Making Love Everyday: The Solution

After reading my previous post, The Diagnosis, you may have realized that you have some tendencies toward being a neurotic investor.  I hope that you were not too devastated by this realization, since practically everyone has these tendencies at times.  At the same time, this is an issue that must be taken very seriously if you hope to have a truly happy marriage. 

Now that you understand what the neurotic investor syndrome looks like in marriages, let’s get into the most important part of the issue; the solution.  How do you end this devastating cycle of hurt, withdrawal of love, and misery?  You begin by living according to the moral sense you were born with.  I realize that this may sound a bit philosophical, so let me put things into a more practical perspective.

 After having a long day of housework and taking care of the kids, Tammy is exhausted.  When her husband Eric comes home, Tammy immediately proceeds to tell him about how difficult her day was and asks him for a massage.  Eric, also feeling exhausted from a stressful day at work, asks if he can do it later, after he’s had some time to wind down.  They eat dinner, spend some time with the kids, and put them to bed.  They then sit down in front of the TV and start watching a show they both enjoy.  As they are watching the show, Tammy is continuously wondering when Eric will follow through with her request for a massage.  They finish their show and go up to bed, Eric having forgotten completely about the massage.  When they get into the bedroom, Eric starts giving Tammy his usual signals that he wants to make love.  Tammy has the thought that she should make love to him.  She rejected his past couple of attempts, and knew he would be hurt if she did so again.  But, upset that she didn’t get her massage, she pushes him away and says she’s too tired.  Both of them go to sleep feeling unloved, hurt, and rejected.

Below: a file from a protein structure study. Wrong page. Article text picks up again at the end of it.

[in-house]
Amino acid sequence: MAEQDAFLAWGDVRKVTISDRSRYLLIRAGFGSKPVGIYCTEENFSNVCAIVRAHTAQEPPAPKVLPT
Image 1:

In addition to feeling hurt and unloved, there is another issue that Tammy is now faced with.  When Tammy had the thought that she should make love to her husband, despite his forgetting her massage, she was receiving a message from her innate moral sense.  This is a sense that all of us have.  Some people are very good at ignoring this sense, while others are very in tune with it.  It sends us hundreds of messages everyday on anything from whether we should allow someone to merge in front of us in traffic, to whether we really should bomb our boss’s car after receiving a rebuke. 

When Tammy made the choice to go against the message she received, she betrayed her own conscience.  This is an action that does not go without consequence.  We cannot go against our conscience without our actions quickly being followed by feelings of guilt and shame.  If Tammy is like many people, her first response to these feelings is to rationalize and convince herself that the actions were completely justified, in hopes that she can fool her conscience into thinking she is in the right.  In the end, all she truly accomplishes is lying to herself, damaging the relationship,  and lubricating her cycle of selfishness, due to the justifications she has put in place.  There is nothing more damaging or exhausting to an individual than betraying their moral selves.  We may convince ourselves that it is the relationship that is draining us, but in truth, the greatest drain comes from knowing we are not acting according to the goodness we truly have.